Your voice matters

Elderly woman looks out the window sitting at the table.
Phase I

In-depth interviews with older female victims/survivors of intimate partner violence (IPV)

This phase of the study asks the following questions:

  1. What are the lived experiences of older women living in the context of IPV?
  2. What are older women’s experiences of support services?
  3. How has the Covid-19 pandemic impacted upon these experiences?

During this 1st phase of the study, older women are being asked to share their stories of abuse and survivorship.

Recruitment is still ongoing for this phase as we still need to hear the more minoritised voices of older LGBTQ+ women, women from different cultural backgrounds, older old age groups, women with disabilities, carers for the abusive partner or being cared for by an abusive partner.

Interim findings will be published at the end of this phase.

You have been asked to consider participating as you have either lived in an abusive relationship or are still in an abusive relationship with a partner and we would like to hear your story.

You can withdraw from the study without having to give a reason, at any point before, during, and for up to one week after participation after which withdrawal will not be possible because the data will have been collected and analysis started.v

This part of the study would involve you participating in a one-off meeting with me for about an hour (or more if you would like more time). I would like you to tell me your story about what it has been like living in a difficult/abusive relationship.

The meeting can take place either at your home, if this is feasible and safe, or at another place that is convenient for you. Any transport costs will be re-imbursed and refreshments provided. The meeting will need to be audio-recorded so that I am able to listen carefully to your story.

The researcher would also like to access your health and social care records and to sit in and observe any meetings that may be scheduled in relation to your care and support. This is so that I am able to look at how you have been supported through the abuse. You can say no to either of these and still participate in the study. This information will all be anonymised.

The research will be written up into a final report, called a thesis and a summary of the findings may be presented at local events for older people, and/or published in journals used by a variety of interested professionals. 

The study is being conducted by a researcher as part of her PhD. She is also a community nurse, with a special interest in both domestic abuse and issues that face older women. It is being sponsored by Lancaster University and has been through a rigorous approval process by an NHS ethics approval panel.

GDPR stands for the General Data Protection Regulation. In the UK we follow the GDPR rules and have a law called the Data Protection Act. All research using patient data must follow UK laws and rules.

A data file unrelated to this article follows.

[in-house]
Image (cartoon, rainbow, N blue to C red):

Universities, NHS organisations and companies may use patient data to do research to make health and care better.

When companies do research to develop new treatments, they need to be able to prove that they need to use patient data for the research, and that they need to do the research to develop new treatments. In legal terms this means that they have a ‘legitimate interest’ in using patient data.

Universities and the NHS are funded from taxes and they are expected to do research as part of their job. They still need to be able to prove that they need to use patient data for the research. In legal terms this means that they use patient data as part of ‘a task in the public interest’.

If they could do the research without using patient data they would not be allowed to get your data.

Researchers must show that their research takes account of the views of patients and ordinary members of the public. They must also show how they protect the privacy of the people who take part. An NHS research ethics committee checks this before the research starts.


If what is said in the interview makes me think that you, or someone else, is at significant risk of harm, I will have to break confidentiality and speak to my supervisors about this. The disclosure will need to be reported to the authorities as per the Adults Safeguarding Policy and you will be signposted to the appropriate support services.

There is the possibility that telling your story may initiate upsetting feelings for you. If this should happen, the researcher can pause the interview at any time or postpone the interview if necessary. There is a list of contact details here where local, specialist support can be sought.  

You also have the option of having a nominated support with you throughout the interview. This can be a family member, friend or supporting professional of your choosing.

You may not derive any benefit from participating in this study. However, you may find it beneficial in some way as you have had an opportunity to reflect upon your experiences with some-one independent of your support network.

Participant Information

Phase I

Consent Form

Phase I